The GOI welcomes foreign portfolio investments, which are generally subject to the same reporting and disclosure requirements as domestic transactions. Financial resources flow relatively freely in Italian financial markets and capital is allocated mostly on market terms. Foreign participation in Italian capital markets is not restricted. In practice, many of Italy’s largest publicly-traded companies have foreign owners among their primary shareholders. While foreign investors may obtain capital in local markets and have access to a variety of credit instruments, access to equity capital is difficult. Italy has a relatively underdeveloped capital market and businesses have a long-standing preference for credit financing. The limited venture capital available is usually provided by established commercial banks and a handful of venture capital funds.

Italy’s regulatory system adequately encourages and facilitates portfolio investment. Italy’s financial markets are regulated by the Italian securities regulator (CONSOB), Italy’s central bank (the Bank of Italy) and the Institute for the Supervision of Insurance (IVASS). CONSOB supervises and regulates Italy’s securities markets (e.g., the Milan Stock Exchange). The European Central Bank (ECB) assumed direct supervisory responsibilities for the 15 largest Italian banks in 2015 and indirect supervision for less significant Italian banks through the Bank of Italy ( ). IVASS supervises and regulates insurance companies. Liquidity in the primary markets (e.g., the Milan exchanges) is sufficient to enter and exit sizeable positions, though Italian capital markets are small by international standards. Liquidity may be limited for certain less-frequently traded investments (e.g., bonds traded on the secondary and OTC markets). Liquidity measures, turnover and trading information for the Milan Stock market can be found here:  .

Italian policies generally facilitate the flow of financial resources to markets. Dividends and royalties paid to non-Italians may be subject to a withholding tax, unless covered by a tax treaty. Dividends paid to permanent establishments of non-resident corporations in Italy are not subject to the withholding tax. A full list of countries subject to tax treaties can be found on the Revenue Agency website: .

In 2009, the United States and Italy enacted an income tax agreement to prevent double-taxation of each other’s nationals and firms, and to improve information sharing between tax authorities.

In January 2014 Italy and the United States signed an intergovernmental agreement to implement provisions of the U.S. law known as FATCA (Foreign Account Tax Compliance Act). The FATCA intergovernmental agreement (IGA) allows for the automatic exchange of information between tax authorities and reflects an agreement negotiated between the United States and five European Union countries (France, Germany, Italy, Spain, and the United Kingdom). The automatic exchange of information takes place on the basis of reciprocity, and includes accounts held in the United States by persons resident in Italy and those held in Italy by U.S. citizens and residents. FATCA officially entered into force in Italy on July 8, 2015.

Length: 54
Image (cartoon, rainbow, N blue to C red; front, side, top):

In 2016, the GOI also signed a tax information exchange agreement (TIEA) with Costa Rica.

Italy imposed a financial transactions tax (FTT, a.k.a. Tobin Tax) beginning in 2013. Financial trading is taxed at 0.1 percent in regulated markets and 0.2 percent in unregulated markets. The FTT applies to daily balances rather than to each transaction. The FTT applies to trade in derivatives, with fees ranging from €0.025 to €200. Also, high-frequency trading is subject to a 0.02 percent tax on trades occurring every 0.5 seconds or faster (e.g., automated trading). The FTT does not apply to “market makers,” pension and small-cap funds, transactions involving donations or inheritances, purchases of derivatives to cover exchange/interest-rate/raw-materials (commodity market) risks, and financial instruments for companies with a capitalization of less than €500 million.

The GOI has sought to curb widespread tax evasion by improving enforcement and changing popular attitudes. GOI actions include a public communications effort to reduce tolerance of tax evasion; increased and very visible financial police controls on businesses (e.g., raids on businesses in vacation spots at peak holiday periods); and audits requiring individuals to document their income. The GOI is also engaged in limiting tax avoidance. In 2014, Italy’s Parliament approved the enabling legislation for a package of tax reforms, many of which entered into force in 2015. The tax reforms aim to institutionalize OECD best practices to encourage taxpayer compliance, including by reducing the administrative burden for taxpayers through the increased use of technology such as e-filing, pre-completed tax returns, and automated screenings of tax returns for errors and omissions prior to a formal audit. The reforms also offer additional certainty for taxpayers through programs such as cooperative compliance and advance tax rulings (i.e., binding opinions on tax treatment of transactions in advance) for prospective investors.